Step 3: The word search

This is the part where I realise in horror how many overused/unnecessary words I’ve used in my novel.
I really like to do this because I know I have a few “go-to” words that I’ll use frequently, and this helps me make sure I don’t overuse them.

The best way to do this is open up your document and perform a search for words that you’re likely to have used a lot of times throughout your novel. A lot of these will be unnecessary ‘filter’ words that put distance between the reader and character and detract from the impact of the writing (seemed, thought, realised, wondered etc.) Some will be gestures (smiled, nodded, shrugged, shook their head) etc. And some will be words unique to you that you know you have a habit of overusing. I’ll attach an example list of the words I search for at the end of this article.

DO NOT WORRY ABOUT ‘SAID!’ Unless you’re using it in every single line, there’s no need to panic about ‘said’ appearing hundreds of times in your book. It’s almost an invisible word to readers, and unless you’re attaching it to every single piece of dialogue, the chances are you’ll be fine.

One thing I’m conscious of during this stage is not going overboard and cutting out every single word. Sometimes there’s perfectly good reason to use filter words. Gestures are great if it adds to the character development or describes the action well. There’s no need to drastically cut down on these words, but it’s helpful to see how often you’re using them and if there’s an alternative or another way to phrase what you’re trying to say.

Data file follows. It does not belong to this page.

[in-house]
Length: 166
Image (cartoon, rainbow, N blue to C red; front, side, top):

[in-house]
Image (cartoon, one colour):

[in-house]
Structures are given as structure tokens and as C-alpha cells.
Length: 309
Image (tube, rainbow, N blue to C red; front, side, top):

Step 4: The line edit

This is where it gets real. I’ve done the developmental edit, I’m happy with my story structure, I’m pretty sure I’ve managed to cut down a bunch of overused words. Now comes the microscope.

I find it’s best to do this stage by reading through my manuscript in a different format than what I’ve used to write it. I used to print the entire manuscript, but ink and paper and can be a bit pricey when your novel is coming in at 100k+ words. Now, I use Calibre to convert my Word document into a MOBI file and side-load it onto my Kindle. I find that I pick up far more mistakes looking at a physical copy—whether that’s printed pages or on an e-reader—than scrolling through pages on a computer screen. Trust me. I didn’t think it would make much of a difference when I first did it, but it does.

Now comes the painstakingly slow part. I go through every word, every line, keeping an eye out for any kind of mistakes. If I’m doing this on my Kindle, I keep a notebook beside me to mark any issues I find. Typo? Mark it. Grammar issue? Mark it. Weak sentence? Mark it. This is the time to be ruthless.

I tend to only do a couple of chapters at a time—no more than three. The more I do it, the more fatigued I’m going to get and the higher the chance of me missing something or letting something slide that I’d otherwise be more picky about changing. Take your time. You’ll get there.

Step 5: The rewrite, part two!

I tend to rewrite as I go, stopping after every batch of chapters I’ve line edited to gather my notes and make the changes in Word. Rewriting after every few chapters helps break it up a bit and means you can rest easy knowing all the changes have been made in your document.